However, as the days began to shorten in September, she came into heat again which left me with a dilemma. I could breed her then, although bitches whose heat cycles are that close together are often infertile on the second cycle, and also I would be faced with puppies late in November for a litter of off-age puppies. It would also have meant giving up a planned five week trip to Texas to stay home and take care of the puppies. I decided to skip the September cycle, which meant that Trip would next be in heat in March or April, but there were no guarantees, especially since she had already shown a propensity towards irregular cycles. When I got back from Texas I started to look into maybe helping nature along.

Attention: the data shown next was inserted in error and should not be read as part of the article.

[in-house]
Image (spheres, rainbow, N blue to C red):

In the Spring 2009 issue of the magazine we ran an article on cabergoline which is used to induce the heat cycle and there have been reports of successful breedings after using the drug. However, there seems to be a growing body of evidence both scientific and anecdotal that the Ovuplant implants are being used with a high success rate and less uncertainty about timing. Ovuplant is, according to its manufacturer, “a sustained release implant of deslorelin” which is a gonadotropin-releasing hormone agonist. For those of us without degrees in organic chemistry, medicine, or veterinary science, Ovuplant is basically a hormone that comes as a pellet preloaded in a syringe with a rather large needle. The pellet is inserted into the vestibular mucosa — right under the skin just inside the vulva. If the implant is effective, the bitch will come into heat within five to seven days of insertion and should be standing within five to seven days after the onset of the heat cycle. She then can be bred either naturally or using artificial insemination. It is important to note that once the breeding has taken place, the implant needs to be removed. Failure to do this may cause the female’s system to reject and then absorb the puppies.